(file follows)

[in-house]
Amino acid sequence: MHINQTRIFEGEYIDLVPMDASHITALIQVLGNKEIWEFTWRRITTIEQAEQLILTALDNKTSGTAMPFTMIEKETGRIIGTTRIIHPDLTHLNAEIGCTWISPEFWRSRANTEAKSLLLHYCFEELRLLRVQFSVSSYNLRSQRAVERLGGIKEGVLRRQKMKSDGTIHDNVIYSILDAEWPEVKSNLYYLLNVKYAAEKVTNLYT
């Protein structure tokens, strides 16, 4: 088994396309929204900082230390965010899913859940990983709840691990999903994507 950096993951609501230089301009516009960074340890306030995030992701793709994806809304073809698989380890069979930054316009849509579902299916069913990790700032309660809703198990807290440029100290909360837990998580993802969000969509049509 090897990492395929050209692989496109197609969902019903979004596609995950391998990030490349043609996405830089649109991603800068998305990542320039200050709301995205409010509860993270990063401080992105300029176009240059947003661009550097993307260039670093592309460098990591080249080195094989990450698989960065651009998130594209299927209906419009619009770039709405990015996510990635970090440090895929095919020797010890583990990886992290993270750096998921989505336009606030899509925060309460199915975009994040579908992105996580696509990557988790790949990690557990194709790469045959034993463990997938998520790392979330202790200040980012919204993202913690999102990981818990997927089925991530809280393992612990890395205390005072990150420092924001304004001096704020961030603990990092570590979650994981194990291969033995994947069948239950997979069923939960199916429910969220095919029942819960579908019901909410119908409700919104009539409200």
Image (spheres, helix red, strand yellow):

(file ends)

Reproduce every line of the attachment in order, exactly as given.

[in-house]
Amino acid sequence: MHINQTRIFEGEYIDLVPMDASHITALIQVLGNKEIWEFTWRRITTIEQAEQLILTALDNKTSGTAMPFTMIEKETGRIIGTTRIIHPDLTHLNAEIGCTWISPEFWRSRANTEAKSLLLHYCFEELRLLRVQFSVSSYNLRSQRAVERLGGIKEGVLRRQKMKSDGTIHDNVIYSILDAEWPEVKSNLYYLLNVKYAAEKVTNLYT
């Protein structure tokens, strides 16, 4: 088994396309929204900082230390965010899913859940990983709840691990999903994507 950096993951609501230089301009516009960074340890306030995030992701793709994806809304073809698989380890069979930054316009849509579902299916069913990790700032309660809703198990807290440029100290909360837990998580993802969000969509049509 090897990492395929050209692989496109197609969902019903979004596609995950391998990030490349043609996405830089649109991603800068998305990542320039200050709301995205409010509860993270990063401080992105300029176009240059947003661009550097993307260039670093592309460098990591080249080195094989990450698989960065651009998130594209299927209906419009619009770039709405990015996510990635970090440090895929095919020797010890583990990886992290993270750096998921989505336009606030899509925060309460199915975009994040579908992105996580696509990557988790790949990690557990194709790469045959034993463990997938998520790392979330202790200040980012919204993202913690999102990981818990997927089925991530809280393992612990890395205390005072990150420092924001304004001096704020961030603990990092570590979650994981194990291969033995994947069948239950997979069923939960199916429910969220095919029942819960579908019901909410119908409700919104009539409200």
Image (spheres, helix red, strand yellow):